"I was laughing at all the poets around town," he says, spitting out his words with his flat South Side twang. "Because no one was listening to the poets."
With the slam, folks listened. It soon grew into a national, then an international phenomenon. (The first national slam was held in San Francisco a decade ago.)
But while the slam movement continues to explode, Smith, a recovering alcoholic, tries to keep things on his side contained. He's turned down movie offers, bids for corporate sponsorship of the Slam. For him, a poem is a poem. And a poet is not a celebrity.
At first glance, the Green Mill Jazz Lounge in Chicago's Uptown neighborhood, where for the past 14 years Smith has held his Sunday night Uptown Poetry Slam, is an unlikely site for poetry. Outside, the neighborhood drunks pass around Mad Dog while a phalanx of suburban teens, their faces painted black and white, create an eerie tableau as they stalk Broadway en route to an Insane Clown Posse concert across the street.
Inside, every Sunday night, Smith holds court. And every Sunday night, he tells the crowd, "I'm Marc Smith."
Each and every Sunday night, they yell back, "SO WHAT!!!!"
But though he's been a slam fixture, he's stepping down for a while from his post as Slam president for life. It's changing. It's going big time. He's not sure he's still comfortable with it.
It's Round 2, which means it's Night 2, and the nightclub is stuffed to overflowing, poets upon poets threatening to burst the room at its seams.
Chappy, a portly, spectacled poet, is the evening's emcee. He opens the round with a demand:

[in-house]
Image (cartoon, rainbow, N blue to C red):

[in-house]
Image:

"Can somebody switch off the jukebox?" he asks. "Or else it'll kick on in the middle of some sensitive incest poem."
Of course, the first poem up is . . . a sensitive incest poem.
The D.C. team, headed by slammaster Toby Debarr, watch the action as they lounge on a faded velvet love seat.
This is the team's first national slam. Hell yeah, they're nervous.
"We know we're not going to win the finals," Debarr, who owns a security business, says. "But we're not that bad. And you might even find us entertaining."
D.C. team member Karen Finneyfrock, looking demure in a long black tunic and skirt, steps to the mike, hands clasped in supplication.
"Dear God," she begins, "I want a new set of boobs. . . . I want boobs that make men say, 'You seem like an interesting person.'. . ."
At the Slam, any poem that manages to mention: a. breasts, b. penises, c. sex or d. the F-word, is a guaranteed crowd pleaser.
Finneyfrock scores a 28.4
"D.C.!!! D.C!!! D.C!!!" Debarr crows, while team member Sam Hurst leaps to his feet, fist pumping the air.
The D.C. team ends up finishing second that night. Not bad, considering that their strategy was simple: Not to come in last.